Hofstra University Honor Code
As a member of the Hofstra community, I pledge to demonstrate integrity and ethical behavior in all aspects of my life, both inside and out of the classroom. I understand that I am accountable for everything I say and write. I will not misrepresent my academic work, nor will I give or receive unauthorized assistance for academic work. I agree to respect the rights of all members of the Hofstra community. I will be guided by the values expressed in the P.R.I.D.E Principles. I accept the responsibility to follow this Honor Code at all times.
Procedure for Handling Violations of Academic Honesty
The following statement of principles is excerpted from the University’s Faculty Policy Series #11, “Procedure for Handling Violations of Academic Honesty by Undergraduate Students at Hofstra University.” The complete policy, including a partial list of violations, procedures for handling violations, and the right of appeal, can be found in the Guide to Pride.
Hofstra University places high value upon educating students about academic honesty. At the same time, the University will not tolerate dishonesty, and it will not offer the privileges of the community to the repeat offender.
It is the responsibility of the faculty not only to share knowledge, but also to communicate understanding of, and respect for, the process and ethics by which knowledge is produced. Faculty are obligated to promote awareness of, and to educate all students about what constitutes academic honesty. Faculty should provide students with helpful sources of information on the subject, such as the Hofstra Writer’s Guide and websites covering issues related to academic honesty. Faculty can disseminate this information through a variety of media, including course outlines and handouts, discussions regarding acceptable classroom behavior, and explanations of grading policies and the consequences of dishonesty. Faculty are also asked to encourage students to take advantage of structured opportunities to learn about academic honesty such as workshops offered by the Center for Teaching and Scholarly Excellence or by the Writing Center. And, faculty should teach by example, with instructors’ teaching materials including appropriate citations. Such educational efforts will foster a cooperative climate that deters instances of academic dishonesty.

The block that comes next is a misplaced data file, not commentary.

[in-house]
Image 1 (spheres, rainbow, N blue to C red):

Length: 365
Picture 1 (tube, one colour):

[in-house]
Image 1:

To assure impartiality in the classroom, instructors should provide students with an explicitly stated grading policy. Such a grading policy may also include an academic honesty policy, which provides for specific penalties for certain academic honesty violations.
When deciding how and when to disseminate the ethics and processes by which knowledge is produced, faculty are encouraged to use their judgment and to confer with their colleagues in arriving at a conclusion as to what constitutes a reasonable penalty that is neither too harsh nor too lenient.
To ensure that the University appropriately responds to students who repeatedly violate the principles of academic honesty, it is incumbent upon faculty to report all violations by completing the “Report Form on Violations of Academic Conduct.”
The academic community assumes that work of any kind - whether a research paper, a critical essay, a homework assignment, a test or quiz, a computer program, or a creative assignment in any medium - is done, entirely and without assistance, by and only for the individual(s) whose name(s) it bears. If joint projects are assigned, then the work is expected to be wholly the work of those whose names it bears. If the work contains facts, ideas, opinions, discoveries, words, statistics, illustrations, or other elements in any media form (including electronic) that are beyond the assumption of being common knowledge, these must be fully and appropriately acknowledged, following a prescribed format for doing so. They may be acknowledged through footnotes, end notes, citations, or whatever other means of accreditation is acceptable according to the format prescribed in that particular field of study.
Students bear the ultimate responsibility for implementing the principles of academic honesty. Students must understand that it is not enough to identify the source of quoted material; it is also necessary to indicate when one is paraphrasing (restating in other words) material found in a source. Thus, the use of others’ ideas as well as their words needs to be acknowledged.